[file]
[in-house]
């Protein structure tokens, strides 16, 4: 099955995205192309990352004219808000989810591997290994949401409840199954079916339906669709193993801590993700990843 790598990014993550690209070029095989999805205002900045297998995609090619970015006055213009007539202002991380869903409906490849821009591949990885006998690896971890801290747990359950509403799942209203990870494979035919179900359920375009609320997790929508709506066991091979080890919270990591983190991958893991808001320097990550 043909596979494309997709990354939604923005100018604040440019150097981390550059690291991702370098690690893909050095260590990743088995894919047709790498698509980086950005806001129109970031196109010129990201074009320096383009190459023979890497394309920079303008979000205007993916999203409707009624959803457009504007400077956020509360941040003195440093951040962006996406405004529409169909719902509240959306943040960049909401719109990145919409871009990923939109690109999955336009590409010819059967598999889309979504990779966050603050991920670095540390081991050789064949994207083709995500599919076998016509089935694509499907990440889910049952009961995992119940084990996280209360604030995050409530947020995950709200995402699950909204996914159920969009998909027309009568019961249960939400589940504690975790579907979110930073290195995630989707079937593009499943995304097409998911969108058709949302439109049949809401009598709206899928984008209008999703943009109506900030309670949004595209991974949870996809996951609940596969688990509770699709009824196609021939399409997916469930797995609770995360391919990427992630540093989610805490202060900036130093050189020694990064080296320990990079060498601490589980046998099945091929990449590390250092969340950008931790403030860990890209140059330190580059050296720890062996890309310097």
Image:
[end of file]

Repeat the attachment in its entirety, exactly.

[in-house]
């Protein structure tokens, strides 16, 4: 099955995205192309990352004219808000989810591997290994949401409840199954079916339906669709193993801590993700990843 790598990014993550690209070029095989999805205002900045297998995609090619970015006055213009007539202002991380869903409906490849821009591949990885006998690896971890801290747990359950509403799942209203990870494979035919179900359920375009609320997790929508709506066991091979080890919270990591983190991958893991808001320097990550 043909596979494309997709990354939604923005100018604040440019150097981390550059690291991702370098690690893909050095260590990743088995894919047709790498698509980086950005806001129109970031196109010129990201074009320096383009190459023979890497394309920079303008979000205007993916999203409707009624959803457009504007400077956020509360941040003195440093951040962006996406405004529409169909719902509240959306943040960049909401719109990145919409871009990923939109690109999955336009590409010819059967598999889309979504990779966050603050991920670095540390081991050789064949994207083709995500599919076998016509089935694509499907990440889910049952009961995992119940084990996280209360604030995050409530947020995950709200995402699950909204996914159920969009998909027309009568019961249960939400589940504690975790579907979110930073290195995630989707079937593009499943995304097409998911969108058709949302439109049949809401009598709206899928984008209008999703943009109506900030309670949004595209991974949870996809996951609940596969688990509770699709009824196609021939399409997916469930797995609770995360391919990427992630540093989610805490202060900036130093050189020694990064080296320990990079060498601490589980046998099945091929990449590390250092969340950008931790403030860990890209140059330190580059050296720890062996890309310097």
Image: